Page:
Using gin-soaked hoboes to market to yuppies

Have you noticed the new L.L. Bean TV ad that's set to some of the lyrics of Harry McClintock's Depression-era song, Big Rock Candy Mountain? If not, here's it is, via YouTube:

This strikes me as an odd choice of music for a company which, I assume, wants to be incredibly sensitive to the sensibilities of its customers. The ad takes a brief snippet of lyrics and puts them into a setting that conveys a carefree sense of adventure and wonder, but the original song in its entirety is much darker and filled with references that I'm sure L.L. Bean would not want to be associated with.

The ad wisely omits lyrics such as "There's a lake of gin we can both jump in," "...little streams of alcohol come a-trickling down the rocks," "There's a lake of stew and of whiskey too," and "...where they hung the jerk that invented work." (According to Wikipedia, the original version of the song also contained a verse laced with profanity and a vulgar reference. You can read all the lyrics, sans that original verse that never made it to an actual recording, here. Ironically, the website with the lyrics is the National Institutes of Health's "Kids' Pages.")

Granted, this song has been recorded many times through the years by such family-oriented artists as Burl Ives and included on the Care Bears Karaoke CD - with "sanitized" lyrics, of course - and I suspect that many if not most listeners have no idea about the context or actual lyrics of the entire song. But that still doesn't lessen my surprise that it would end up in a national advertising campaign for a company like L.L. Bean.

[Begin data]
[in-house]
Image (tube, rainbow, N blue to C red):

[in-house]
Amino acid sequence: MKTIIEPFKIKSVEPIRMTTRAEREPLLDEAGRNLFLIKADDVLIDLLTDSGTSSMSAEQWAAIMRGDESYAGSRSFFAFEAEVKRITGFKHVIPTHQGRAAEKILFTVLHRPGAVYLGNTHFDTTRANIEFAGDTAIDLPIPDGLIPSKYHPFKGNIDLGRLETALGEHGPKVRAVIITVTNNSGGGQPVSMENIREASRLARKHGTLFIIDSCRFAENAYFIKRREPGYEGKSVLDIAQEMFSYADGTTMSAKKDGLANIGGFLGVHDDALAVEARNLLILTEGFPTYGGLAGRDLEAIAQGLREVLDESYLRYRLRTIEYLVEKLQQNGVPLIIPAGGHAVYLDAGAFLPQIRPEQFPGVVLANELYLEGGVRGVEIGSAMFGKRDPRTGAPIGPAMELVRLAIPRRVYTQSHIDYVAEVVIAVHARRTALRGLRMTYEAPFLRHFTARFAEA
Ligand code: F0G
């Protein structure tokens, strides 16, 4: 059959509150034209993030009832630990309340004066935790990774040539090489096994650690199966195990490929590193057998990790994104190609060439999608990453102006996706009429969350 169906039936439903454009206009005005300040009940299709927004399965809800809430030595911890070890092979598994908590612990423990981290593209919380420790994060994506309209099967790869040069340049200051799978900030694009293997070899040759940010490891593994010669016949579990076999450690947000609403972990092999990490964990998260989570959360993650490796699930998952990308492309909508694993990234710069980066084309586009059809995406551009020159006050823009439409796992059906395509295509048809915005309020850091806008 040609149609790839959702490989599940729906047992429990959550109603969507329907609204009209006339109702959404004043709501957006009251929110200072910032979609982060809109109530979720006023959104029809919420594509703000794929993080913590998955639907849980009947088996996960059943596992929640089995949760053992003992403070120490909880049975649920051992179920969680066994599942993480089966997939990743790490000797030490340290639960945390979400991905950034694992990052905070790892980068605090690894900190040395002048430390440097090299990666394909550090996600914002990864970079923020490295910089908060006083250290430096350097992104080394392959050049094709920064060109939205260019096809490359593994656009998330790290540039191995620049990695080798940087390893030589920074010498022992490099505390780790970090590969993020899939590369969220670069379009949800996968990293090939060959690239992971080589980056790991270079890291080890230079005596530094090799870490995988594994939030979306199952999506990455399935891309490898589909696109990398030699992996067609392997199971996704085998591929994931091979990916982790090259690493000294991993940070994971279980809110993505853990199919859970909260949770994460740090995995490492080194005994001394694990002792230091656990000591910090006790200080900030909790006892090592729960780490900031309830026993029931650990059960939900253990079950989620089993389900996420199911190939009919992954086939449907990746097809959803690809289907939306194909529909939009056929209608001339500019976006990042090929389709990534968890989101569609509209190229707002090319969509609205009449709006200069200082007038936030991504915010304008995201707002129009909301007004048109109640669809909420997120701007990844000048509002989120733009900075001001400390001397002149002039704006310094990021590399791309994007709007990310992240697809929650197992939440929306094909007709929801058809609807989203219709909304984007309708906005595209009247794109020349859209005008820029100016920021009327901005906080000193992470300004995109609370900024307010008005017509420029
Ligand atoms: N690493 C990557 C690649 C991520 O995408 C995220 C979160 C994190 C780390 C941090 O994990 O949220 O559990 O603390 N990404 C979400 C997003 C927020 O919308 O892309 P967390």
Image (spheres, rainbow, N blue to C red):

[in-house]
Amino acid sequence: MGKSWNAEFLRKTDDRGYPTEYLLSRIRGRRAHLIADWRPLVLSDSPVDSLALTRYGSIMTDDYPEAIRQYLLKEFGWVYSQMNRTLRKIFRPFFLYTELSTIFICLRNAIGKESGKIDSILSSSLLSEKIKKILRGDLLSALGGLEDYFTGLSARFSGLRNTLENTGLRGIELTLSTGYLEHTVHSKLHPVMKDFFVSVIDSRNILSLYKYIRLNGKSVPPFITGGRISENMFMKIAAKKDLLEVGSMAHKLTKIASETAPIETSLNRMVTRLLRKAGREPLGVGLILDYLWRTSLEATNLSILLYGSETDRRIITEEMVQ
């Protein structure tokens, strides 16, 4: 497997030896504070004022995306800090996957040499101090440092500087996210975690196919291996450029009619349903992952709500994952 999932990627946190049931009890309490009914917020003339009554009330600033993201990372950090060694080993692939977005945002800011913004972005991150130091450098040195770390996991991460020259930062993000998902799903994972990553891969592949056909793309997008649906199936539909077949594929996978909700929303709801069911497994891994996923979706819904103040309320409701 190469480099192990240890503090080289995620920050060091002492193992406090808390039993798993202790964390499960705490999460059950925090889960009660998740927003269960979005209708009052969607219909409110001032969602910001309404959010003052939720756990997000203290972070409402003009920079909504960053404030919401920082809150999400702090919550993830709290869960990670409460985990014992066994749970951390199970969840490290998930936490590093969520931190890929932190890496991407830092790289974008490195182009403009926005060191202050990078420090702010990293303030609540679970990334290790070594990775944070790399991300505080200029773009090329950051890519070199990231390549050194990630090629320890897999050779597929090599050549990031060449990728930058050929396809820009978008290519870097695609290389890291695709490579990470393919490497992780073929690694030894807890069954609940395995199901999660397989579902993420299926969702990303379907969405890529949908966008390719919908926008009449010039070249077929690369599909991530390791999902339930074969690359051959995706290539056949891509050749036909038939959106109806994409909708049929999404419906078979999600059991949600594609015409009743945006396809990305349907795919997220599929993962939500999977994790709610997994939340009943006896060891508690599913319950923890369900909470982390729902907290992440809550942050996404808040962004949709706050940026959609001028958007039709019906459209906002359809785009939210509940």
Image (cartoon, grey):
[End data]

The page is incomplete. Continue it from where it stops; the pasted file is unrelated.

This is an interesting area for marketers. How much should the overall context of background music matter to the advertisers? Does the reputation of the writer or original recording artist play into the decision to use a song? Is any connection between song lyrics and ad message, however tenuous, sufficient justification to use that song? And will we thus eventually hear a Michelin ad backed by Why Don't We Do It In The Road?


Eric, I wonder if the ad campaign's creators were introduced to the song - as I was - through the medium of "Captain Kangaroo," where I learned a sanitized version of the lyrics that made no mention ofthe examples you cited ... or "cigarette trees" ... or "kill the jerk who invented work."

I have the same problem with a Budweiser ad that uses the Electric Light Orchestra's song "Don't Bring Me Down." They want you to hear the line "Don't bring me down," but ignore the rest of the verse "I'll tell you once more, before I get off the floor, don't bring me down."

I can't tell if they're being sarcastic or clueless.

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This page contains a single entry by Eric published on August 16, 2010 7:48 AM.

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